Memorial Day Warrior Tribute 2022

By Post Commander Ron Cook Jr.

On Monday May 30, 2022, the Iroquois Post 1587 & Auxiliary along with the Seneca Nation, co-hosted a Memorial Day tribute in recognition to Warriors who paid the ultimate sacrifice at the Seneca Allegany Administration Building fallen warrior outdoor monument.

The tribute began with ringing the “Bells of Peace” by Iroquois Post 1587 Auxiliary member Julie Snow. Post Commander, Ron Cook Jr. (US Army Veteran) and master of ceremonies, introduced Al George (US Army Veteran) who gave the Thanksgiving Address along with an opening prayer by Post Chaplain Marvin Abrams (USMC Veteran). Post Commander Cook welcomed everyone and words of deep gratitude was given to support the observance of our fallen Warriors by Seneca Nation Treasurer Rickey L. Armstrong Sr. (US Air Force Veteran). Post Auxiliary member Julie Snow conducted a Roll Call of the fallen as Al George tolled the drum for each Warrior named.

The Seneca Nation Treasurer Rickey L. Armstrong Sr. along with Post Commander Ron Cook Jr. placed a wreath in solemn appreciation for the Warriors who paid the ultimate sacrifice followed by Post Auxiliary members Nadine Pierce and Sue Anne Gates with their wreath of gratitude. The customary 21-gun salute was executed by the Iroquois Post 1587 Honor Guard directed by Post Sgt@Arms Markey Jimerson (USMC Veteran) and TAPS played by Post Adjutant Annette Repicci (US Navy Veteran), which concluded the outdoor tribute.

The Warrior Tribute resumed indoors with a Flag Song by Al George and posting of the Colors by the Iroquois Post 1587 Color Guard Team. Patrice (Beck) Neyman of the Beaver Clan gave an excellent rendition of the Canadian and National Anthems, which transitioned into honoring this year’s fallen warriors Tech Sergeant Harold E. Rogers (US Army Air Corps WWII), PFC Leland Laye (US Army Paratrooper WWII), and Specialist Timothy P. Jones (US Army Vietnam War Veteran).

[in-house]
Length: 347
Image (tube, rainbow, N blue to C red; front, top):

On behalf of fallen warrior Timothy P. Jones, a special eagle feather heirloom along with a Vietnam War Commemoration Certificate with label pin was presented to Jared Jones by Seneca Nation Tribal Councilor Tina Abrams. Closing remarks were presented by Post Commander Ron Cook Jr. and Al George sang a Veteran’s Song to close out the tribute as the Iroquois Post 1587 Color Guard Team retired the Colors.

In addition, Post member Jennifer Helie (US Air Force Veteran) from the Veteran One-Stop Center of WNY provided an informational resource table and made herself available to answer any Service Officer questions. A delicious lunch was catered and all remaining packaged meals were delivered by Post Commander Cook and Post Judge Advocate Bella Cook to local Veterans in Allegany and Steamburg.

This annual event gives the Seneca Nation an opportunity to pay tribute to our fallen Warriors and share brief biographies read by Post Judge Advocate Bella Cook (US Army Veteran), Post Treasurer Josette “Nini” Wheeler (US Air Force Veteran), and Post Commander Cook respectively for Tech Sergeant Harold E. Rogers, PFC Leland Laye, and Specialist Timothy P. Jones.